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Couple’s last wish,
a city pocket park

Couple’s last wish: to turn their West Seattle home into a city pocket park

When I read this story in the Seattle Times I immediately liked it.

A West Seattle Couple wished that after their deaths, their land in West Seattle would be donated to the city to make a “pocket park”. It is a nice lot with a great view on the Puget Sound and Olympics. Their daughters agreed. The house has already been demolished and the pocket park will be ready soon to welcome people who would like to rest on benches and enjoy the view of the Olympics.

But why donate their piece of land to the city?

As read in the Seattle times, the husband “considered himself a lucky man that the King County commissioners had unanimously decided that property auctioned because of unpaid taxes would be sold only to veterans.” So he bought it for $100 in 1946 and decades later decided to “do what he thought was right”: give it back.

This notion of giving back may not be at first understandable.

Recently I read an article on line telling the story of anotherWest Seattle couple giving all their inheritance to the government of the United Seattle. People commented that they were crazy, that they should have made a donation to a charity, and so on and so forth… But when I read the story, it really made sense. Coming from Czechoslovakia, this man had survived forced concentration camps as a teenager during World War II.

After his family died there, he immigrated to the United States, where he acquired citizenship and began a great life. He was thankful for his freedom and wanted to give back to the United States of America!

At the corner of SW Willow street and 39th ave SW

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I’m 20… in my glass!

All French boys and girls who had lunch at the school cafeteria (cantine) in elementary school played this game.

Duralex glasses were so sturdy, almost unbreakable that they could be found in every cantine. On the bottom of our Gigogne Duralex glasses were engraved numbers (a serial number between one and 50). It was supposed to be our age. There was no real point, it was just simple entertainment while waiting for our food and a reason to laugh at each others. Who was the “Baby”?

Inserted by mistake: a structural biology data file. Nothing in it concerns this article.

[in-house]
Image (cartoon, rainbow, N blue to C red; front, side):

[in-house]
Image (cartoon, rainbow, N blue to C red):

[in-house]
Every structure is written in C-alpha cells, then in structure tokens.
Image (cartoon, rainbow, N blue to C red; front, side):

This old style glass is now very trendy in restaurants and stores. You can find the Picardie Duralex or the Gigogne Duralex almost everywhere.

The other day, I had lunch at London Plane and… Happy me, I was 20 in my glass. I felt so well for the rest of the day!

Duralex USA 

#TBT #ThrowbackThursday #Throwback.

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He writes poetry for others

One Sunday morning at Ballard Farmer’s Market, a sign saying “Poems, your topic, your price” drew my attention. In front of this sign were two men tapping on old fashioned typewriter on recycled paper. One of them was Willhelm Curius.

I asked him if he could write something for my eldest son who was abroad for his sophomore year and whom I missed. He asked for a few more information and I gave him more details and described Pierre a little bit. There were a lot of people at the market that day and he told me he would be done 30 minutes later.

When I came back he offered to read the poem aloud. I found it very moving and I was touched.

— At Ballard Farmer’s Market

www.yourtopicyourprice.com